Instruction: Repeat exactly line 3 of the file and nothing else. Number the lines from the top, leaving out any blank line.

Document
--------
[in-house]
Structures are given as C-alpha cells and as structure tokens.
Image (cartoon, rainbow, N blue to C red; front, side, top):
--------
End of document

Image (cartoon, rainbow, N blue to C red; front, side, top):